A couple of bike bloggers I read have recently asked if their readers sing or talk to themselves while riding their bikes. Based on the answers, it seems like a lot of us do. I'm not much of a talker (to myself anyway) when I'm out riding but I will utter a -- usually breathless -- "c'mon... go... c'mon..." as I'm climbing a hill or a panicked "GO! GO! GO!" if I'm crossing a street too close to oncoming traffic.
Singing, on the other hand... Well, I love to sing. I blast the radio or iPod in the truck and sing along. I sing a capella while doing house- or yardwork. I even "entertained" the participants on a multinational conference call I host Wednesday evenings by singing "The Girl from Ipanema" while waiting for one of the Sydney engineers to join. (The guy in Melbourne told me I was in the wrong line of work and should go on one of those talent TV shows. Awwww. He's my favorite.)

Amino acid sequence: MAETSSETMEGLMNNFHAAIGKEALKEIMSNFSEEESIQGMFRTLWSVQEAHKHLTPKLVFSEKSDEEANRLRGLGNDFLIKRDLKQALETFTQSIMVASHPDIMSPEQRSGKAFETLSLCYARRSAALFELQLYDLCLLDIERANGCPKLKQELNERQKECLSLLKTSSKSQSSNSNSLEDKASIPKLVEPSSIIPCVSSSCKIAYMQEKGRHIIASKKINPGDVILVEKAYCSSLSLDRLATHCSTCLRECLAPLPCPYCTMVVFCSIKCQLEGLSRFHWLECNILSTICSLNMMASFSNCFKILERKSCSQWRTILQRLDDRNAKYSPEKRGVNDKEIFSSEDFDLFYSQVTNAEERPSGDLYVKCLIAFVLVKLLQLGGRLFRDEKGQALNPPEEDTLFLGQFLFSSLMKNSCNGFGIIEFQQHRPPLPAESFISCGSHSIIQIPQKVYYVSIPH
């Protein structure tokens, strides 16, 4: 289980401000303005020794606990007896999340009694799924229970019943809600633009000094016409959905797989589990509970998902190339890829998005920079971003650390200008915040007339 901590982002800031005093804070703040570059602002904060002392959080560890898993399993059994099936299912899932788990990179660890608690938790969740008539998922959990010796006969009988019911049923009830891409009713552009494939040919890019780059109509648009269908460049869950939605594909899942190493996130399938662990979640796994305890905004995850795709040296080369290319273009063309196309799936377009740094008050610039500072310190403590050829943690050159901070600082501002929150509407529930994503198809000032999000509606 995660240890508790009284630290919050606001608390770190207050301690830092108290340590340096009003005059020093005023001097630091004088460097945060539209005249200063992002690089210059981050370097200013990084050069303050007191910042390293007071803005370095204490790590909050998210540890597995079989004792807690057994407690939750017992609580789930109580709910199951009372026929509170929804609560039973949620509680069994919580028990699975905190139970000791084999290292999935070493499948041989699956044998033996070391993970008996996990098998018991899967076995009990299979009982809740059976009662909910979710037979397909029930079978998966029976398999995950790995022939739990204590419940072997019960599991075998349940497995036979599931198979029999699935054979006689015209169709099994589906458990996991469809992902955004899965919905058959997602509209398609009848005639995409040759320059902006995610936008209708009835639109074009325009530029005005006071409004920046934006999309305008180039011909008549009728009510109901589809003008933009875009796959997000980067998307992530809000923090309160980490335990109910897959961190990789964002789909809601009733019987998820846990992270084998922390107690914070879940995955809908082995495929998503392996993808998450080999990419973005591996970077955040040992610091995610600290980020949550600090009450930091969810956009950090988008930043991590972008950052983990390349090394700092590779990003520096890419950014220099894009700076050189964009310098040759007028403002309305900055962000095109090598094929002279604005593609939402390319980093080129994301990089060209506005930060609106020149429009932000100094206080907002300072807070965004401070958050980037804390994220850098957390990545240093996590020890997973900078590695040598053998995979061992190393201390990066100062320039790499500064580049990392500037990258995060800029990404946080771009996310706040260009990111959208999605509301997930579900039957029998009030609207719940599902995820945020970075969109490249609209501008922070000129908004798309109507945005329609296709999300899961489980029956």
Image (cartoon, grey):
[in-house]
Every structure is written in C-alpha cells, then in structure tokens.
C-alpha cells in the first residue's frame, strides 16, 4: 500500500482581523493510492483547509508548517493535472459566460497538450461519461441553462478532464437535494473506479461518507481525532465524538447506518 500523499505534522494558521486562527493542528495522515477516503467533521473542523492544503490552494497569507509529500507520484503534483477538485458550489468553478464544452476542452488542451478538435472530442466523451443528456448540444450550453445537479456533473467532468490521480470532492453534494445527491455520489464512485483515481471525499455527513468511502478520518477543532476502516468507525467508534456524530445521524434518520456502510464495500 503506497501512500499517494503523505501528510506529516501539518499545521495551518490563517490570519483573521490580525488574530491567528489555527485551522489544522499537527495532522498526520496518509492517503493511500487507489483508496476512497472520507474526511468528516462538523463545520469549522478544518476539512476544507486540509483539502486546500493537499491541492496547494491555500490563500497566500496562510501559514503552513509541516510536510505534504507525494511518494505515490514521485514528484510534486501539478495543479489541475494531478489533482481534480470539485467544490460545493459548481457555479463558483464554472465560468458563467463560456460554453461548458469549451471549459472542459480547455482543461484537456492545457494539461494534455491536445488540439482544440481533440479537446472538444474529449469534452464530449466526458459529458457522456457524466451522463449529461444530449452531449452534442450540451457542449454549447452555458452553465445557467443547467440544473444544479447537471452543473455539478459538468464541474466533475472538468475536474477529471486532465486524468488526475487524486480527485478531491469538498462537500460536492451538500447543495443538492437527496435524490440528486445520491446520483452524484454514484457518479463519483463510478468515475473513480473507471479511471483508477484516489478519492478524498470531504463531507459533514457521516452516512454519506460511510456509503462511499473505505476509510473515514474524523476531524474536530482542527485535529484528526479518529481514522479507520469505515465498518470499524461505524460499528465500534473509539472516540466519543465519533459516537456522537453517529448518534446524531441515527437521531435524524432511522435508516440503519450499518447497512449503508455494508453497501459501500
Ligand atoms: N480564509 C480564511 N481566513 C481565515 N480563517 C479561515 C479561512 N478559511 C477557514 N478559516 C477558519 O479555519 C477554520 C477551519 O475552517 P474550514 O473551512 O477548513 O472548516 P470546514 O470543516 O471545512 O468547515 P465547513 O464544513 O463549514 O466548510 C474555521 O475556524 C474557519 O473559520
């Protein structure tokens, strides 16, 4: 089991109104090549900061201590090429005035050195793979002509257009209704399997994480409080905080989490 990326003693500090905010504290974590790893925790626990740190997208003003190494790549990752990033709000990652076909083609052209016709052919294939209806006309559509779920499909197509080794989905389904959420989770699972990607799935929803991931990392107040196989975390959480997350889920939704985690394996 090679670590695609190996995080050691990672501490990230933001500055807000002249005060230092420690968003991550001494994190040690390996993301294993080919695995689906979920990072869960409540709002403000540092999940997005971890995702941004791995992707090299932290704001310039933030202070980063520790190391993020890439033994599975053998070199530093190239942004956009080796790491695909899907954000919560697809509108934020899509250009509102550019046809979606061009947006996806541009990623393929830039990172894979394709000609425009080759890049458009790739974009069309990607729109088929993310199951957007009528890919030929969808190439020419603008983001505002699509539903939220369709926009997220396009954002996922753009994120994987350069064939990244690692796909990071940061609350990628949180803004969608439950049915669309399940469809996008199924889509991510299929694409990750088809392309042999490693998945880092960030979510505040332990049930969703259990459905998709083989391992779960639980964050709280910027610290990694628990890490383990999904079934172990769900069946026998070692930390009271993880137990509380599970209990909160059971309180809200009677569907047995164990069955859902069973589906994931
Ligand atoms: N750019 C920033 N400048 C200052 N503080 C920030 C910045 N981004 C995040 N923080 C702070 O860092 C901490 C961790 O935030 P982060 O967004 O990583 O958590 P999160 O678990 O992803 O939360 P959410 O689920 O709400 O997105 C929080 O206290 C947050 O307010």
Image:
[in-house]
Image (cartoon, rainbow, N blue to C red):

Anyway. When I'm on the trail by myself, I'll wear an earbud in my right ear and listen to music. For a while there I listened to my Road Trip mix and would croon along with Kermit and Fozzie's "Movin' Right Along" and John Denver's "Take Me Home, Country Roads". Lately though, I've moved on to an instrumental playlist for my longer distance training. My preferred mix at the moment is as follows:
Gershwin's "Rhapsody in Blue" - I love starting with this because it's nearly seventeen minutes long and I feel like I've really gotten somewhere by the time the song ends.
Khachaturian's "Adagio of Spartacus and Phrygia" - This bit of music was used as a common theme throughout "The Hudsucker Proxy" which is one of my favorite movies.
Schubert's "Death and the Maiden"
Saint-Saëns' "Danse Macabre"
Williams' "Raiders of the Lost Ark" - What's not to love?
Elfman's "Batman Theme" - Bat bike, ahoy!
Williams' "Main Title Theme from Star Wars" - I feel like I'm on a speeder bike on Endor. (I've never said I'm not a nerd.)
Williams' "The Imperial March"
Kondo's "Legend of Zelda: Suite"
Beal's "Rome: Main Title Theme"
McKennitt's "Marco Polo"
Jarre's "Lawrence of Arabia"
Mussorgsky's "Night on the Bare Mountain"
Paganini's "24 caprices op 1 no 24 in A minor"
Bach's "Toccata and Fugue"
Bizet's "Carmen: Overture" - Nothing like big and bombastic for ending a playlist.
How about you? Do you have preferred music for riding/running/climbing trees?